There has been a lot of news about the Car Allowance Rebate System or ‘Cash for Clunkers’ program, but the real question is will this benefit the environment? Conceived as a two-birds-with-one-stone program to boost our economy and remove older polluting cars from our roads, but is it working? The real answer is that we don’t know yet.
The original program developed by Senator Dianne Feinstein, Democrat of California and Senator Susan M. Collins, Republican of Maine, required bigger improvements in MPG to qualify. Luckily it seems “the good judgment of the American people” has proved to exceed even the original requirements.
Transportation Secretary Ray LaHood said the average mileage of new vehicles purchased through the program is 9.6 miles per gallon higher than for the vehicles traded in for scrap. Buyers of new cars and trucks that get 10 mpg better than their trade-ins get the $4,500 rebate. People whose cars get between 4 mpg and 10 mpg better fuel efficiency qualify for a smaller $3,500 rebate.
We should stop and recognize, however, that Miles Per Gallon (MPG) is not a very good indicator of actual fuel efficiency, especially at higher numbers. Look at the table below, and you can see that if you traded a car that got 40 mpg in for one that got 50 mpg, you would qualify for the higher rebate, however, it would be less efficient (less of an environmental impact) than moving from a 20 mpg car to a 25 mpg car.
10 mpg = 1,000 gallons per 10,000 miles
15 mpg = 667 gallons per 10,000 miles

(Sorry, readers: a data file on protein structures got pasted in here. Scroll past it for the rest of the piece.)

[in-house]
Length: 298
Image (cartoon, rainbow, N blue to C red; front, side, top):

20 mpg = 500 gallons per 10,000 miles
25 mpg = 400 gallons per 10,000 miles
30 mpg = 333 gallons per 10,000 miles
35 mpg = 286 gallons per 10,000 miles
40 mpg = 250 gallons per 10,000 miles
45 mpg = 222 gallons per 10,000 miles
50 mpg = 200 gallons per 10,000 miles
The Transportation Department reported that of 120,000 rebate applications processed so far, the average gas mileage of cars being bought was 28.3 miles per gallon, for SUV’s 21.9 miles per gallon, and for trucks, 16.3 miles per gallon, all significantly higher than required to get a rebate.
– New York Times
The good news is that it looks as though the mpg gains are at the low end. With 80 percent of the traded-in vehicles being pickups or SUVs, many gas-guzzlers are being taken off the road and being replaced by more efficient compact cars such as the Ford Focus. Not only does this program reduce fuel consumption, it also reduces CO2 (carbon dioxide) and other global warming causing emissions. How much? Approximately 3.8 million barrels of oil per year and 660,000 metric tons of carbon dioxide emissions a year from the replacement of a 15 mpg car with a 25 mpg car.
The ‘clunkers’ are also permanently removed from the road to be recycled rather than sold or shipped to the developing world further decreasing the number of inefficient automobiles in the world.
All told, the plan looks as if it will be a success for the environment, the economy and the consumers wallets. Now if we could only get a recycling program for people who just want to get rid of their cars for good!
Real world fuel efficiency
Does your car qualify as a ‘clunker’?
Calculate your MPG
Thanks for the information. This has been a hot topic recently and i want to thank you for bringing in some new facts, such as the MPG. I think that way to many Americans have and buy new cars all the time. each of those cars is then another pile of junk. Why can’t we star making cars that last longer? why can’t we star using cars longer? Thanks for the post!
I agree with the previous comment, not to mention this incentive applies only to NEW cars, as opposed to the more environmentally friendly purchase of a more fuel-efficient USED car (in my humble opinion). We just traded in our 1998 Jeep Grand Cherokee for the significantly more fuel efficient Lexus 400h (the “h” stands for hybrid). Unfortunately, we won’t see a dime, as we didn’t purchase a “new” car. What happened to reduce, recycle, REUSE?